Re: Best Practices doc section 1.3 Vocabulary Selection

On 08/02/2012 19:49, Bernadette Hyland wrote:
> Hi Phil,
> First, thanks for circulating.  While the short extract is helpful, reading it without the context of the entire document leaves me with a number of questions.

Sorry, yes.

I don't know if this doc you're writing is meant to be informational or 
hard core guidance for EU publishers.

It was for a very specific target market, yes - working groups set up 
under the particular EU activity, certainly not W3C WGs.

   The except you attached in PDF seems more the later, but let's 
discuss further as vocabs is on Thursday's GLD WG agenda.

Happy to if you want me to. I expect to be on the call tomorrow.

> Feedback with the caveat that I don't how you plan to modify this content for the BP section on vocab selection:

I was offering it more as some text that might be useful to pick bits 
out of for the BP doc *if* the relevant editors felt it useful. I won't 
feel in the slightest way upset if the nect button pressed is marked 
'Delete' !

> * p. 30 - you reference "the Working Groups" - are these W3C working groups, SEMIC working groups, gov't working groups?

See above.

> * p. 30 - need definition of "Core Vocabularies" - no doubt that is specified in the first 29 pages, but is that a set of Core Vocabularies proposed by ISA or a given gov't authority?

It was in the ISA context, although I think it is probably valid for us 
too. The ISA Programme definition is: "A Core Vocabulary is a 
simplified, reusable, and extensible data model that captures the 
fundamental characteristics of an entity in a context-neutral fashion." 
It's the context-neutral aspect that I think is most important. Within a 
context of course one can be very specific.

> * p. 30 - would you consider adding to the first bulleted list:
> a) Who is the authority publishing the vocab?
> b) Does the publishing authority have an institutional commitment to keeping it current and available?

Certainly. The list in the BP doc now is better than I came up with!

> * p. 30 - bulleted list of vocabs, consider adding:
> 1) The Vocabulary of Interlinked Datasets (VoID) defines key metadata about RDF datasets. It is intended as a bridge between the publishers and users of RDF data, with applications ranging from data discovery to cataloging and archiving of datasets. Authorities MUST publish a VoID description so others can reuse it.
> 2) The GeoNames Ontology is a geographical database containing over 10 million geographical names.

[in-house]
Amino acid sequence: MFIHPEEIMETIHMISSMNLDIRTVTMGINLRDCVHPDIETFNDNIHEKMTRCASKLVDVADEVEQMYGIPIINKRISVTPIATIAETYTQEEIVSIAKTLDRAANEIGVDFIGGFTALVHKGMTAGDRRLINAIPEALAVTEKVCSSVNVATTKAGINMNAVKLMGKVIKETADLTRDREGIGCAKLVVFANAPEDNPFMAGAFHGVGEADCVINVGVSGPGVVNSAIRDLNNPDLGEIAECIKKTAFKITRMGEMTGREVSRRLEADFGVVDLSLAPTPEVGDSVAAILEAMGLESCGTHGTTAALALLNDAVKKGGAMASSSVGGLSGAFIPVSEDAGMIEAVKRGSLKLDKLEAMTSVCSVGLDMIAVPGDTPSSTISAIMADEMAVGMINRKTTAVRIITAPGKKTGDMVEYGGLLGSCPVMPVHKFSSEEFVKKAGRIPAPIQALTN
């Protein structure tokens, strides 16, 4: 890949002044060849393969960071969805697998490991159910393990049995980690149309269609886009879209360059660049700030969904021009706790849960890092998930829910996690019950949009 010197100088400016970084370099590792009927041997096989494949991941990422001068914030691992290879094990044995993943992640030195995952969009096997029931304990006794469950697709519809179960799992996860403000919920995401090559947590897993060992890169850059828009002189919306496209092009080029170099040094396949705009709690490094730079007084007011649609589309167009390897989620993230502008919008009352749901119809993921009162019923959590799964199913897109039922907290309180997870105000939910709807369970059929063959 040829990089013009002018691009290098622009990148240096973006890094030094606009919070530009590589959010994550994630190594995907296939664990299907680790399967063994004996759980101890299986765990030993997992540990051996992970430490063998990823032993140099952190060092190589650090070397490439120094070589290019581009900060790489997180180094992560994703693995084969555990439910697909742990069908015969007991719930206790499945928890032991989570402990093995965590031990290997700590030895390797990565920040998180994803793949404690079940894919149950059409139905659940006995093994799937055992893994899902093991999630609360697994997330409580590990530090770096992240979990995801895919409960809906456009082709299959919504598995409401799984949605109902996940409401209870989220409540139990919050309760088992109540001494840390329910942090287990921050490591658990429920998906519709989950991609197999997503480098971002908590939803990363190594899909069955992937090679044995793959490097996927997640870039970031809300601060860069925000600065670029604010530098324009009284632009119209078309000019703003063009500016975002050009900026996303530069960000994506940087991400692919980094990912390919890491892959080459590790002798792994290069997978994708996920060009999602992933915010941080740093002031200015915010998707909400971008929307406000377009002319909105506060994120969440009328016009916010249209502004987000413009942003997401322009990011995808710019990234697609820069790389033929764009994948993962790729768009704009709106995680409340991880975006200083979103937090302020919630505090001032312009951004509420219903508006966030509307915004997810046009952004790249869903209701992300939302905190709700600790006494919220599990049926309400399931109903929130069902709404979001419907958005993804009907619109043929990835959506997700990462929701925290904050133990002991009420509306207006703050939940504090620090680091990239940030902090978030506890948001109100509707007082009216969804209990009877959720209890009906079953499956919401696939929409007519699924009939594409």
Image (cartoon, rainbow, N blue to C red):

> 3) The Semantically-Interlinked Online Communities vocabulary (SIOC, pronounced “shock”) is designed for developers to describe information about an online community sites, such as users, posts and forums.

Yes, all those fit the bill.

> ** The word "must" is something I hope we can discuss on tomorrow's telecon vis a vis informative vs. normative guidance.  See IETF RFC 2991,

Yeah I don't think RFC2119 keywords are relevant in that doc - I 
shouldn't have included them.
> Re: Vocab Working Note
> The longer bulleted list that pass your tests and are relevant to eGov, I suggest putting into a Working Note.  I was thinking about our discussion during the F2F about not recommending specific vocabs but rather providing a checklist of things to review and determine whether they are a good fit for a given gov't authority.
> A good way to handle this may be to put in a GLD Working Note.  In a WN, we can say, "We recommend ...<bulleted list>" giving the 'force of law in the absence of other guidance.'  Readers recognize that these vocabs may change over time but we satisfy the recommendations that some of us feel strongly is necessary but keep the people who feel vocabs change and we shouldn't recommend specific ones beyond a very short list (ie., those called out in the charter).
> Thoughts??

It's a tricky one. If we don't mention any vocabs at all then it's 
almost certain that someone will go off and create ex:author somewhere 
rather than use dcterms:creator. But, if we include a list then however 
many times we say "this is not normative or comprehensive, there may be 
more, look at the criteria" - some people will take that list as 
definitive whether it's in a Note or the Rec itself.

Personally I think we're better just to list the criteria and perhaps 
say that DC and maybe one other fit the bill. One compromise might be to 
list some of the things for which we already have vocabularies:
- publishing;
- eCommerce;
- citations and bibliographies;
- licences;
- dataset.

then say "right, now we've given you a steer, good hunting." ??


> On Feb 8, 2012, at 12:24 PM, Phil Archer wrote:
>> Fulfilling my Action-40 [1] in which I was asked to "Reflect on SEMIC advice on vocab selection etc. to see if there is more to contribute to the BP doc" here are some reflections.
>> The attached PDF is a (short) extract from a process document I wrote for the creation of core vocabularies under the EU's ISA programme. The doc itself isn't available publicly, at least partly because it needs updating, but there's no prob sharing this bit which is about vocabulary selection.
>> It sets out some criteria - actually just 3 - for selection and then gives a list of some that meet them. That list as just a modified version of the one in Tom Heath and Chris Bizer's book.
>> HTH
>> Phil.
>> [1]
>> --
>> Phil Archer
>> W3C eGovernment
>> +44 (0)7887 767755
>> @philarcher1
>> <Review Existing Vocabs.pdf>


Phil Archer
W3C eGovernment
+44 (0)7887 767755

Received on Wednesday, 8 February 2012 22:00:35 UTC